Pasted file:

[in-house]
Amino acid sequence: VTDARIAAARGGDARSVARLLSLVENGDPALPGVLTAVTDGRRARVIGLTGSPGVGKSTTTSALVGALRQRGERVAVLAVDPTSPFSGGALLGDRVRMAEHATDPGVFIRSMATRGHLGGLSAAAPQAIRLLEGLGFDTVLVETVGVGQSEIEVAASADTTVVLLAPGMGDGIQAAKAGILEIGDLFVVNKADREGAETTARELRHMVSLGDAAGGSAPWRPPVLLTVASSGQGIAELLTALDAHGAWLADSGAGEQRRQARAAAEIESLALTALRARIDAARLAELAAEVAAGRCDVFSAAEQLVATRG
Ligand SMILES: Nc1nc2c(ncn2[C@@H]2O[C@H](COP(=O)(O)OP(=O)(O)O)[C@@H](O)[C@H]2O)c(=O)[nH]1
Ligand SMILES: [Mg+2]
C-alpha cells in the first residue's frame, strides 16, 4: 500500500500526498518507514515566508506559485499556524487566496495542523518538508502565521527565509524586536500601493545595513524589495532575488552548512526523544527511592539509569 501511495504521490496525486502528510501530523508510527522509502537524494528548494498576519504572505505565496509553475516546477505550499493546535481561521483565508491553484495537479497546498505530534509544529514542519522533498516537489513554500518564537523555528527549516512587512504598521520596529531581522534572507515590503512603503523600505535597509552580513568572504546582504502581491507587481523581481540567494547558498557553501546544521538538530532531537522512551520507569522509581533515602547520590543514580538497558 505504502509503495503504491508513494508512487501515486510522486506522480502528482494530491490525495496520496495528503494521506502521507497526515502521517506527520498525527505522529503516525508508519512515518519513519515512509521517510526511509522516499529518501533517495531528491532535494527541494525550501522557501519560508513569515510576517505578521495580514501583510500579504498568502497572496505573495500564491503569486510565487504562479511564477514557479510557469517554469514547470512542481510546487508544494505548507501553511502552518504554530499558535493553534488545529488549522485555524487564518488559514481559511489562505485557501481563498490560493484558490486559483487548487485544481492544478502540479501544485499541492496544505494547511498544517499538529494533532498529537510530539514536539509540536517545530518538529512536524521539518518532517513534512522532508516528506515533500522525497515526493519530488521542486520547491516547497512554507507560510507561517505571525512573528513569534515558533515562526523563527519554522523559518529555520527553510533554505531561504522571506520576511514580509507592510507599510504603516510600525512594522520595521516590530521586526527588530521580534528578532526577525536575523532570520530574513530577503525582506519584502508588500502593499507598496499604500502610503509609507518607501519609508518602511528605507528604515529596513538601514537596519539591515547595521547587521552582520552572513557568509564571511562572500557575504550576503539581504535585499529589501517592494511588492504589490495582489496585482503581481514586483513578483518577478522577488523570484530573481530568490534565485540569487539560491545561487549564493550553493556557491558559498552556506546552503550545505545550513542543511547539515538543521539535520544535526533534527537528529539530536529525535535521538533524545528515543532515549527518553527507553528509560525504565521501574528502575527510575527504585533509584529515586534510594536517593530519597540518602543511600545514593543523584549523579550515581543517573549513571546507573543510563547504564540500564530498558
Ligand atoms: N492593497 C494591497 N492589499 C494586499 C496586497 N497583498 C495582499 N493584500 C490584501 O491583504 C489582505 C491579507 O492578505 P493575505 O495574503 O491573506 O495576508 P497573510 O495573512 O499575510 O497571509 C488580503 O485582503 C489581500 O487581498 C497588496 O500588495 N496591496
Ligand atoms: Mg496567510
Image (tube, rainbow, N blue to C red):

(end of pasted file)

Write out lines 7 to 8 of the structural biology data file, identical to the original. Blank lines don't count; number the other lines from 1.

Ligand atoms: Mg496567510
Image (tube, rainbow, N blue to C red):